Quotes: Recipe for Disaster

Recipe for Disaster

  • Take one owner with capital budget; separate operating budget and ignore.
  • Add one architect and heat until steamed.
  • Expose three or more tenders, exchange parts, and trim extraneous portions.
  • Select thinnest and discard remainder.
  • Remove architect, save essence.
  • Assemble subtrades, compare and trim extraneous portions. Select thinnest.
  • Store subtrades in dark.
  • Collect shop drawings in separate bowls; do not premix.
  • Add subtrades one at a time, do not allow time for mixing, turn up heat.
  • Add just enough caulking to make it all stick together.
  • Turn over onto owner. Serve wet.

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Why did water penetration into buildings suddenly become such a big problem? The BC government appointed a commission of inquiry headed by former Premier Dave Barrett to ask that question. The commission report should be required reading for anyone in the construction industry. Among the report’s important observations on ‘What Has Gone Wrong’ was the following:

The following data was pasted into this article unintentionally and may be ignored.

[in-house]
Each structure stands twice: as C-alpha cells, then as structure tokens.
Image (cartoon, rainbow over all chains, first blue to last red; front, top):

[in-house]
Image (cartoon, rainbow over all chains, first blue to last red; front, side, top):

In addition to economic pressures, climatic conditions, and a systemic failure of the building process, building science also played a role in bringing about this crisis of confidence. The factors related to … building science, include: …  a loss of collective memory, and lack of conventional wisdom, among inspectors, architects, engineers, developers, and contractors regarding the requirements for effective building”.

Systematic Integration of Details

John Edgar, 2001

Resources

Edgar, J.  Systematic Integration of Details.  8th Canadian Conference on Building Science and Technology, Toronto, Ontario, Canada, 22-23 February 2001. Link

Barrett, D. 1998.  The Renewal of Trust in Residential Construction: Commission of Inquiry into the Quality of Condominium Construction in British Columbia, Government of British Columbia.

CSA S478-95, Guideline on Durability in Buildings, Canadian Standards Association, Rexdale, Canada, 1995